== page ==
This section is from "The Horticulturist, And Journal Of Rural Art And Rural Taste", by P. Barry, A. J. Downing, J. Jay Smith, Peter B. Mead, F. W. Woodward, Henry T. Williams. Also available from Amazon: Horticulturist and Journal of Rural Art and Rural Taste.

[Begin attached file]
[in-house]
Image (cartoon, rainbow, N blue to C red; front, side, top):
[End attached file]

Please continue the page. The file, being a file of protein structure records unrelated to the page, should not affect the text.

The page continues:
It is both gratifying and surprising to note the rapid increase and extension of interests connected with the pursuits of rural life. But a few years have passed since the list of journals wholly devoted to Agricultural and Horticultural interests numbered less than a baker's dozen, and they were in the condition of a neglected strawberry patch, literally struggling day after day to keep their heads in sight. Now our list of journals, weeklies and monthlies, in the cause, advocacy, and instruction of the primeval and most blessed occupation of man is almost beyond count; and we no sooner note a new laborer, and get accustomed to his tone, than another appears, until we have lately come to the conclusion that our people have really awakened, and while some may gamble in Wall Street, or other like marts, some may traffic and trade, etc., yet the blessings of a rural life, the prospect which it offers to a long and happy life, are rapidly becoming appreciated. South and West the people seem calling for more and more of reading matter relating to the garden, orchard, and farm, and their calls are met by new papers, and the enlarged size of the older ones, the formation of Horticultural societies, and the records of increased interest at exhibitions of those heretofore organized ; all are most gratifying tokens of promises for the future greatness and continuance of our nation, for which we have reason to be thankful to the great Power that overrules and guides all things.